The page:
Wylie: Two avenues of art, in retrospect

Works produced in printmaking during Landon Mackenzie's undergraduate years;then paint on huge canvases.

Landon Mackenzie’s Blue Stairs.

As we get older we start to notice that time is passing more quickly. A year passes in a flash and it used to be a really long interval. There’s nothing to be done about this, and we are told to just be in the moment, and enjoy life on the fly.

This unsettling sensation may be particularly strong when visiting the current exhibition at the Kelowna Art Gallery, which is a 40-year solo survey of works on paper created by Vancouver-based artist Landon Mackenzie.

One quick swing through the gallery space, and you can see what a selection from 40 years of an artist’s production looks like. It is inspiring, but also sobering, because time is flying by and we may worry that our accomplishments are going to be meagre, especially in contrast with Mackenzie’s tremendous output.

Mackenzie at KAG

The show begins with a few works by other artists that were influential on her as a child growing up in Toronto. Then there is a watercolour inspired by the Eloise children’s books that the artist painted when she was 14.

The show then picks up the pace, and we see works produced in printmaking during her undergraduate years at the Nova Scotia College of Art and Design in Halifax, and her MFA years, at Concordia University in Montreal.

It was after this degree, while living and working in Montreal in the 1980s, that the artist turned her hand to painting. Her famous Lost River Series became an overnight national success, and Mackenzie is now widely known for her huge canvases, produced using numerous layers of paint, and sometimes including text. During the 1990s Mackenzie focused largely on these massive canvases and worked on small sheets of paper only when travelling.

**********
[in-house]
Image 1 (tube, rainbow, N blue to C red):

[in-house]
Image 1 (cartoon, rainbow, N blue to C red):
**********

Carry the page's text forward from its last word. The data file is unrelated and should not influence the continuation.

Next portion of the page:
Once she began participating in international residencies, her works on paper were larger in scale and more numerous. In the current show we have works from residencies in Paris (2009), Berlin (2007 and 2013) and Banff (2012). Taken as a whole, Mackenzie’s paper works can be seen as a journey undertaken in tandem with her large paintings, thus, the exhibition’s title Parallel Journey.

Mackenzie produces work that has layers of meaning, which is in keeping with her working method of creating imagery by layering her media onto her support (itself a carryover from her early years as a printmaker).

She has long been fascinated by maps, first those of explorers opening up Western Canada to colonization, then maps of cities. She saw parallels between city maps and neural maps, that is, maps or diagrams of the human brain. This interest fed directly into her art, as evidenced in many works in the current exhibition.

Along with the works installed on the walls of the gallery are eight custom-built free-standing vitrines that are filled with unframed works, including a great selection of 40 years of sketchbooks and other artist’s books for visitors to pore over.

The show is accompanied by a thick, full-colour book, with texts by four authors. It looks and feels like an artist’s book, with long segments that are images only, reading as visual essays. This was published for the Kelowna Art Gallery by Black Dog Publishing in London, England.

Landon Mackenzie: Parallel Journey will remain on view at the Kelowna Art Gallery until Jan, 17. After that it will begin a national tour.


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